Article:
LAND ROVER TO OFFER NEW DEFENDER IN THREE SIZES

Land Rover will offer three variants of its new Defender and four personalization options to widen the appeal of its iconic off-roader, according to people familiar with the project.

The variants will include an eight-seat version while the personalization options will target a range of customers from off-road fans to buyers looking for a high-riding urban runabout.

The three variants will be:

– The three-door Defender 90. This will have five-seat and six-seat versions and will grow in length to 4323 mm (170 inches) from less than 4000 mm in the previous generation.

– The five-door Defender 110. This will have five-, six- and seven-seat versions. It will increase in length to 4758 mm (187 inches).

– The Defender 130. This variant will be a five-door, eight-seat passenger vehicle that is 5100 mm (201 inches). Previous the Defender 130 was sold only as a double-cab pickup.

The Defender’s 90, 110 and 130 naming system originally referred to the wheelbase length of the various versions in inches.

The Defender 90 was described in a leaked Web presentation as the “halo” model that remains closest to the Defender’s original iconic boxy shape. It will be aimed at customers who are “young, affluent, fun-seeking and individual.”

The 110 is the “definitive Defender” aimed at adventurers, couples and self-employed people. The range-topping “Premium Explorer” 130 will be pitched at families with an “active lifestyle.”

Land Rover built more than 2 million units of the previous Defender, which became an off road icon before its 67-year production run ended in 2016.

The second-generation Defender will be unveiled on Sept. 10 at the Frankfurt auto show. The 90 and 110 variants will go on sale next year, followed by the 130 about 12 months later.

The new model will be built at Jaguar Land Rover’s new plant in Nitra, Slovakia. It is underpinned by the D7u platform already used by the Discovery, which is also built in Nitra.

This means the new Defender will become an all-aluminum unibody vehicle. The original Defender, launched in 1948, featured an aluminum bodyshell bolted on a steel ladder frame.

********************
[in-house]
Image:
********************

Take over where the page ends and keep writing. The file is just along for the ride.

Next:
Wider appeal
Land Rover needs to win new customers beyond fans of rugged off-roaders for the new Defender to bring in profit.

To reach a broader customer base than pure off-road enthusiasts, the new Defender will have four personalization lines with different accessories and features, a source close to the company told Automotive News Europe.

These will be:

– Country for weekends in the countryside.

– Adventure with features making it something like an SUV “grand tourer.”

– Urban for cities and the suburbs. It is expected that this option will be popular for the three-door 90 model.

– Explorer with features that make it a “go anywhere” off roader.

The four accessory packs could help to win back business lost to vehicle modifiers who offer many options for Land Rover vehicles, particularly the previous generation Defender.

The Defender will be launched with conventional and mild-hybrid versions of JLR’s Ingenium range of engines. A plug-in hybrid model will join the range after its launch, JLR has said.

Broader reach
Besides Europe, the new Defender will also be offered in the United States and China, two regions where the previous generation was not officially distributed.

The U.S. is Jaguar Land Rover’s largest single market. JLR’s U.S. sales rose 8.1 percent to 139,800 vehicles in its fiscal year that ended March 31, according to company data. China sales fell 34 percent to 98,900. Sales in Europe, excluding JLR’s UK home market, declined by 4.5 percent to 127,600 units. UK sales rose by 8.4 percent to 117,900.

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